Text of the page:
Budweiser is brewed using barley malt, rice, water, hops and yeast. It is lagered with beechwood chips in the ageing vessel which, according to Anheuser-Busch, creates a smoother taste. While beechwood chips are used in the maturation tank, there is little to no flavor contribution from the wood, mainly because they are boiled in sodium bicarbonate [baking soda] for seven hours for the very purpose of removing any flavor from the wood. The maturation tanks that Anheuser-Busch uses are horizontal and, as such, flocculation of the yeast occurs much more quickly. Anheuser-Busch refers to this process as a secondary fermentation, with the idea being that the chips give the yeast more surface area to rest on. This is also combined with a krausening procedure that re-introduces wort into the chip tank, therefore reactivating the fermentation process. By placing the beechwood chips at the bottom of the tank, the yeast remains in suspension longer, giving it more time to reabsorb and process green beer flavors, such as acetaldehyde and diacetyl, that Anheuser-Busch believes are off-flavors which detract from overall drinkability.
Some drinkers prefer the lightness of beers like Budweiser and consume it as a refreshment or for its inebriating effects. Several beer writers consider it to be bland. The beer is light-bodied with faint sweet notes and negligible bitterness, leading to reviews characterizing it as a “…beer of underwhelming blandness.” Even Adolphus Busch disliked the very beer he marketed in the United States. But based upon sales alone, it became the second most popular American brewed pale lager among North American beer consumers.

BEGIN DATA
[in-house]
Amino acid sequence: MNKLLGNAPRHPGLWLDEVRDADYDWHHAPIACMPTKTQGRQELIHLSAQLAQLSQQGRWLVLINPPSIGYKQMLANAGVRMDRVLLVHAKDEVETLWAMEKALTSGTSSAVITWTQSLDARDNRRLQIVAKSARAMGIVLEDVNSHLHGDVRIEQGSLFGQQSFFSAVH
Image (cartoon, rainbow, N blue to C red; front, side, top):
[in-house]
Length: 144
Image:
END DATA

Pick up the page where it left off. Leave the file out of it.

Budweiser and Bud Light are sometimes advertised as vegan beers, in that their ingredients and conditioning do not use animal by-products. Some may object to the inclusion of genetically engineered rice and animal products used in the brewing process. In July 2006, Anheuser-Busch brewed a version of Budweiser with organic rice, for sale in Mexico. It has yet to extend this practice to any other countries.
Anheuser-Busch was one of the few breweries during Prohibition that had the resources and wherewithal to convert to “cereal beer” production?malt beverage made with non-fermentables such as rice and unmalted barley and rye, and able to stay under the 0.5% limit established by the Volstead Act. Following the repeal of Prohibition in 1933, the major breweries continued to use unmalted cereal grains to provide the full body and mouthfeel of a “real” beer while keeping the alcohol content low.